At once a fiendishly devious mystery, a beguiling love story, and a brilliant symposium on the power of art, My Name Is Red is a transporting tale set amid the splendor and religious intrigue of sixteenth-century Istanbul, from one of the most prominent contemporary Turkish writers.
The Sultan has commissioned a cadre of the most acclaimed artists in the land to create a great book celebrating the glories of his realm. Their task: to illuminate the work in the European style. But because figurative art can be deemed an affront to Islam, this commission is a dangerous proposition indeed. The ruling elite therefore mustn’t know the full scope or nature of the project, and panic erupts when one of the chosen miniaturists disappears. The only clue to the mystery–or crime? –lies in the half-finished illuminations themselves. Part fantasy and part philosophical puzzle, My Name is Red is a kaleidoscopic journey to the intersection of art, religion, love, sex and power.
Translated from the Turkish by Erda M Göknar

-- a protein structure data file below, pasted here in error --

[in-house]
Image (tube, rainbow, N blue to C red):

Meshing the tropes of the tavern storyteller with the recent fashion for historical mysteries ( la The Name of the Rose and An Instance of the Fingerpost), Pamuk's novel could cause a sensation here, just as it did in his native Turkey. Set in the 16th century, at the tipping point when the Ottoman Empire was being transformed from the world's most feared superpower into an imperial backwater, Pamuk's story works on three levels. As a murder mystery, it asks who killed a gilder named Elegant, employed by an atelier of miniaturists, and then Enishte, the man who was funding the atelier? On another level, this is a story of ideas. In coffeehouses frequented by poets and artists, the backwash from the European Renaissance is starting to call into question fundamental principle of Islamic culture. Enishte, in particular, has become enamored of the perspectival method favored by Venetian painters, and wants his artists to achieve a comparable representation of reality, rather than abiding by traditional rules of representation. Pamuk not only immerses us in this debate; he makes the pictures of dogs, Satan, gold coins, etc., "talk," imitating the shadow-play method of traveling storytellers. His own ability to draw stunning pictures makes Istanbul as grimly vivid as Raskolnikov's St. Petersburg. On the third level, this is a love story. Black, a clerk and Enishte's nephew, must win Enishte's beautiful daughter, the widowed Shekure. The book's jeweled prose and alluring digressions, nesting stories within stories, make one want to say of Pamuk what one of the characters says of the head of the miniaturists' coterie, Osman: "...God had blessed him with an enchanting artistic gift and the intellect of a jinn." Widely respected abroad for his previous novels, The White Castle and The New Life, Pamuk should gain new readers here with this more accessible, charming and intellectually satisfying, narrative.